Last December (2018), an untracked and rather unexpected meteor exploded over the Bering Sea releasing 173 kilotons of energy, or more than ten times the energy of the Hiroshima atomic bomb blast.
To put this event in context, if this meteor came in on a less fortunate angle and hadn’t air-burst, but instead struck the middle of New York, it would have left a ring of devastation reaching as far as Philadelphia, Springfield, and Scranton, with an estimated twenty million left dead and another 40 million injured.
Even an air-burst event as high as 15km above ground-level can cause serious damage and injuries. The 2013 Chelyabinsk meteor air-burst damaged over 7000 buildings in Russia and led to 1,500 people being taken to hospital with largely shrapnel-style injuries from blown-in windows and a few collapsing walls.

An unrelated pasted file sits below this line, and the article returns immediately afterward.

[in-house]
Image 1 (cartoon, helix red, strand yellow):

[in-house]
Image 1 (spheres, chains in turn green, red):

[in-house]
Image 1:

NASA’s Terra satellite caught the image of the unexpected meteor strike, showing the shadow of the meteor’s trail, and the orange-tinted cloud it left behind. NASA have just released images of the strike. The Terra spacecraft was launched in 1999 and is managed by NASA’s Goddard Space Flight Center in Greenbelt, Maryland.
Given the meteor’s altitude and the remote area over which it occurred, the object thankfully posed no threat to anyone on Earth – this time.
Meteors are really God’s way of asking, “How’s your space program going?”
These days, I suppose we should pose that question to Jeff Bezos and Elon Musk.
Come on Space Force, here’s the real enemy for you to take on. We need a ring of detection satellites, the entire solar system mapped for the 70% of ELE-capable space debris we haven’t yet found, and an array of solar-reflecting mirrors to nudge danger-hot rocks off course years before they pose a risk.
Or we could ask the Dilophosaurus how their lack of forward-planning worked out for them …